If nothing else, Trump’s election has taught a lot of people, albeit only temporarily, about the dangers of a power government. The responses to this newfound knowledge have been all over the board. On the minor end a lot of people have stated that Trump isn’t their president. I welcome them to the club of those of us who don’t have presidents. But the minor end of the scale is dull. On the more fun end of the scale a lot of people are talking about secession. Surprisingly enough, the state talking most loudly about secession is California:
A proposal for California to secede from the United States was submitted to the Secretary of State’s Office Thursday.
The proposed “Calexit” initiative – its name borrowed from the UK’s “Brexit” departure from the EU – would ask voters to repeal part of the state constitution that declares California an inseparable part of the U.S.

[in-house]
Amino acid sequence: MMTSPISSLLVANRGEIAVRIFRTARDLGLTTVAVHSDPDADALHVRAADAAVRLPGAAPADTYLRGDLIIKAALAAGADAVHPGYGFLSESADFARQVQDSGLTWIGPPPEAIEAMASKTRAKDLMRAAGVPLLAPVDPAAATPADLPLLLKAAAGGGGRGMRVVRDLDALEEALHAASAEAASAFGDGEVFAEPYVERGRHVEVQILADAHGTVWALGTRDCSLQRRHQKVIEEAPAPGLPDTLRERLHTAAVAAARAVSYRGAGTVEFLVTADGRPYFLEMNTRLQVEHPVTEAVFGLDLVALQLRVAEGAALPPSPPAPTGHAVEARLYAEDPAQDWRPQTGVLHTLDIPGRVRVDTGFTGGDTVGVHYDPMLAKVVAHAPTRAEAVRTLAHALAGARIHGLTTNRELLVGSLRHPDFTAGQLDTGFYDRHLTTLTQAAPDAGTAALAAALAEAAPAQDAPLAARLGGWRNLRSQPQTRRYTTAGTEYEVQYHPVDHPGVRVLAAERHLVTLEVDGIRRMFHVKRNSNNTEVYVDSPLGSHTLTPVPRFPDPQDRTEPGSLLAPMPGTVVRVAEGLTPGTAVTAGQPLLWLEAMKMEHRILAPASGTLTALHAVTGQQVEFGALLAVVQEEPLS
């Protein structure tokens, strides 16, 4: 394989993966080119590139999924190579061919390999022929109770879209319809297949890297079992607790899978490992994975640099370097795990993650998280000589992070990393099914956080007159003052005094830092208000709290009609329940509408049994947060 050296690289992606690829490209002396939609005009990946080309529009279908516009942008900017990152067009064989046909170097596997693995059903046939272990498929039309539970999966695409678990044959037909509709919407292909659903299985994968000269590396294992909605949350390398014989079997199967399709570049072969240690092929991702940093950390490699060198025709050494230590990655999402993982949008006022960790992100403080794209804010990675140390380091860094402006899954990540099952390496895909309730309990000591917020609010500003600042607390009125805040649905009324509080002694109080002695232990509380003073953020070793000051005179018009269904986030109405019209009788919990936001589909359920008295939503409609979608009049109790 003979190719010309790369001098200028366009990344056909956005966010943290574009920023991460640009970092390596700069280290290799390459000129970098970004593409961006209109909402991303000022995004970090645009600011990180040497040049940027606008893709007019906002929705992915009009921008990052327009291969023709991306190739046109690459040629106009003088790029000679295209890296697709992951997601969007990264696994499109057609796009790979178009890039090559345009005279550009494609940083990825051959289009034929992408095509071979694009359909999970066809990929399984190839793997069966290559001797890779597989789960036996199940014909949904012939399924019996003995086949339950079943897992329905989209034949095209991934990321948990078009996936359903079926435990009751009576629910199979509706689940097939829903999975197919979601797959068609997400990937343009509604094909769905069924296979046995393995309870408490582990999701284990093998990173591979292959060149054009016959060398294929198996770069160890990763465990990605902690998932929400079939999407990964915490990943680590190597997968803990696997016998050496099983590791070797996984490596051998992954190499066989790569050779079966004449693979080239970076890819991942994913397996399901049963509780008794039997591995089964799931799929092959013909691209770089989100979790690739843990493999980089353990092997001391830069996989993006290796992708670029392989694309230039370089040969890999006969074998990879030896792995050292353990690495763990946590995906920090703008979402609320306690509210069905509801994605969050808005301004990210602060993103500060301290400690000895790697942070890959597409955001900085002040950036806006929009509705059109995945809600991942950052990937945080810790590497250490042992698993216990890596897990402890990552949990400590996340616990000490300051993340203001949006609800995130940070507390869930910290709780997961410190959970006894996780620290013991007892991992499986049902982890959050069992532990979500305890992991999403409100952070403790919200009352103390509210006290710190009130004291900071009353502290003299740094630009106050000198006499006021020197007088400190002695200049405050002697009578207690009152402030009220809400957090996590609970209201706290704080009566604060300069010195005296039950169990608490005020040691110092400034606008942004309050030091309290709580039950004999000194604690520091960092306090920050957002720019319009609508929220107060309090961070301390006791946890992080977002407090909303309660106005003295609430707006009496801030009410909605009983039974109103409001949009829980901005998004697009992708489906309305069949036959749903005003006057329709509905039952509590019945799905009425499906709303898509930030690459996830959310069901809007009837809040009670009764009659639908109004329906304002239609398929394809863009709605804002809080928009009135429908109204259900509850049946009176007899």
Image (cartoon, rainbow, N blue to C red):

Secretary of State Alex Padilla said the group behind the proposal, Yes California Independence Campaign, was cleared to begin attempting to collect nearly 600,000 voter signatures needed to place the plan on the ballot.
“In our view, the United States of America represents so many things that conflict with Californian values, and our continued statehood means California will continue subsidizing the other states to our own detriment, and to the detriment of our children,” the Yes campaign’s website says.
Over a century and a half ago the states learned what happens when you try to secede from a powerful federal government. But what happened so long ago shouldn’t dissuade people from trying again today. Secession is something worth fighting for. It’s the beginning of something that could be beautiful. First states could secede from the United States. Then counties could secede from the states. Then townships could secede from the counties. And finally, individuals could secede from the townships. Going from one federal state with 50 vassal states, which is all the 50 states really are at this point, to 320 million separate states would be wonderful.
Although California is not a place I’d want to live, if it starts the chain reaction of secession I will forever give it its due credit.